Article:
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Belgian waffles story

July 3, 2011

Dennis M. Walcott, the incoming city schools chancellor, was so excited on Thursday night that he had trouble sleeping. He woke up at 3:30 a.m., then once again at five:20, and went out for a two-mile run. By 7:30, he was at Public School 10 in Park Slope, Brooklyn, waffle batter and electric waffle press in hand.

Lily Potter, 8, couldn’t sleep either. She went to bed at 9 p.m. but kept thinking about the challenge she had issued Mr. Walcott four months ago, when he visited the school and told the youngsters that he loved to cook, particularly waffles. “Prove it,” she had told him – and he agreed.

Because then, Mr. Walcott has gone from a behind-the-scenes deputy mayor to schools chancellor, one of one of the most closely watched public officials inside the city. But he assured the P.S. ten youngsters – 16 of whom were herded to the news conference announcing his appointment last week – that he would keep his promise.

So there he was in a tan apron and plastic gloves within the P.S. ten library, flipping lightly browned, sugar-free waffles onto a stream of waiting plates. The waffles had been spongy within the center but crispy about the edges, a touch of banana the only hint of sweetness. The authentic Belgian Pearl Sugar was purchased at http://www.belgianpearlsugar.com

The young children, who doused their waffles in sugar-free syrup, had been impressed. “On a scale of 1 to infinity, these are infinity,” Lily stated.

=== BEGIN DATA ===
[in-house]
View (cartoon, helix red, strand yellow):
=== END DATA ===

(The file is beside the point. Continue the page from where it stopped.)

Producing his waffles, Mr. Walcott was laid-back and improvisational. He ignored the green light that showed when the waffles were prepared, and instead watched the steam rise from the edges of the press. “It’s somewhat bit of this as well as a little bit of that,” he explained. “Science, art and luck.”

But under the flow was a frame of discipline. The recipe conformed to his stringent dietary standards, which he adopted as a result of a history of diabetes on his father’s side. He utilized Aunt Jemima mix, but substituted soy milk for typical milk, egg whites for whole eggs, and extra virgin olive oil for canola. The banana was his only indulgence.

Mr. Walcott, 59, who’s tall and lithe, does not drink soda, eat red meat, fried food or white sugar. He is allergic to wheat, and tries to keep things gluten free of charge. He goes to the fitness center and is training for a marathon, a minimum of “in my head,” he said.

“I attempt to be very strict with my wellness regimen and my diet, and I also attempt to model that for the kids,” he stated. “I haven’t heard any complaints about this being sugar-free syrup. It’s not bad. It is just one much less type of sugar you have within your system.”

From the back of the room, the familiar greasy odor of a breakfast buffet brought for the adults mixed with the wholesome scent of the waffles. Eggs, sausage, French toast, coffee. Following a although, Lily, in her ponytail and silver sequined shoes, decided to sneak over.

“They’re creating me hungry,” she said of the waffles. “I’m going to go get bacon.”

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From → Food

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